I feel guilty for not posting anything on Earth Day. It’s the one day that I should drop everything and write. This is a biodiversity site, after all. But on Saturday, I had gone hiking along a series of highland rolling mountains outside of Istanbul near a ski-resort in Kartepe. By the time Earth Day came along, I was still avoiding my computer. Sometimes all you can do is stick to old-fashioned books on Earth Day. To make up for it, I’d like to celebrate America’s National Poetry Month, instead. Even though I don’t technically live in the U.S., I still find its monthly causes for celebration endearing. April won’t end for another few days, so I haven’t missed the deadline, yet.
When we think about nature and poetry, the knee-jerk reaction is to think of the English Romantic poets such as Keats, Wordsworth, Coleridge and Tennyson (some of which are described here). However, their sublime view of nature and lofty diction may no longer appeal to contemporary audiences. Our relationship to nature has become more complicated. Namely, plastic and chemical pollution, climate change and mass extinction leave us with the feeling that nature is under siege by contemporary society. And it’s a society we participate in, so we may feel a form of guilt or complicity if we care about the environment. Nature writers are shifting their perspectives. Contemporary poets are addressing these issues head on, as shown by the recent anthology, Big Energy Poets: Ecopoetry thinks Climate Change. From contemplating plastic pollution to questioning the body’s relationship to the earth, poets are not blinded by the dream for green pastures, they’re writing to process and feel through the quagmire we face.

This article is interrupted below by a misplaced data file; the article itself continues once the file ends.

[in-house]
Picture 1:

And if you’re wondering what exactly “trophic cascade” means in scientific terms, this image gives a pretty good description:
And while native Americans are often revered for their own spiritual relationship to nature, Kumeyaay Tommy Pico writes poetry that challenges the noble savage stereotype. His book Nature Poem centers on Teebs, a native, queer poet who can’t bring himself to write a nature poem. His poetry collection, Junk, offers us the nature poetry of the present-day because it is infused with plastic trash, social media and pop culture references.
But if sitting down and reading a book of poetry isn’t your thing, consider checking out these Spoken Word nature poets who perform their work.
Finally, why not write your own nature poem? Though the deadline has passed, each year The Rialto sponsors the Nature and Place Poetry Competition. Now is a great time to start working on your entry for 2019.
Do you have a list of your own favorite nature books, poems or poets? Please share them in the comments!